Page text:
Imagine if there were foods that actually sped up your metabolism by burning more fuel and in turn helping to burn fat! Well stop dreaming, because these foods do exist!
Eating thermogenic foods, as they’re known, increases your metabolism and ability to burn calories by converting consumed calories into heat. Although most calories you consume are burned by physical activity and the body’s regular metabolic functions, diet-induced thermogenesis accounts for roughly 10% of calories burned.
5 types of thermogenic foods that boost metabolism:
Protein has a high thermogenic effect. When it comes to diet-induced thermogenesis, protein burns more energy while digesting compared with carbs or fat. In addition, consuming protein keeps your appetite suppressed for longer, helping you feel full. Good sources of lean protein include skinless chicken breast, fish, eggs, lean beef, beans, whey or turkey.
Herbs and Spices
Eating meals that contain certain spices, such as black pepper, or red hot peppers enhances thermogenic effects — helping to make you feel full and improving fat oxidation. These foods contain a substance called capsaicin, which is responsible for the pungent taste of hot peppers. In a Japanese study, men and women who ate a meal that included capsaicin had an increase in the amount of energy expended after their meal.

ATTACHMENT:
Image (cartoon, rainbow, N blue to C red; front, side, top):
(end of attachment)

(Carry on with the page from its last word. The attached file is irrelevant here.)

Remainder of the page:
In a similar fashion, a substance called piperine found in black pepper increases thermogenesis through stimulation of the nervous system.
Other foods and spices that have a thermogenic effect include hot chili peppers (cayenne, habanero, jalapeno), turmeric and cinnamon.
Cruciferous vegetables are high in fiber and low in calories, helping to boost your metabolism. Examples of these vegetables include broccoli, kale, cauliflower, cabbage and brussels sprouts.
Green tea is rich in polyphenols and caffeine — two substances which have demonstrated the ability to boost thermogenesis. In particular, a polyphenol called catechin helps increase thermogenesis by inhibiting a certain enzyme.
Green tea has other health benefits attributable to its antioxidant characteristics. These include reducing the risk of cancer and heart disease.
Coconut oil is rich in medium chain fatty acids. When consumed, these fatty acids have been reported to inhibit the body from storing fat by increasing thermogenesis. Since medium chain fatty acids are a readily available fuel source, they can be metabolized faster.
Since the thermogenic effect of coconut oil can last up to 24 hours, just 1-2 teaspoons a day can have a dramatic effect on your metabolism.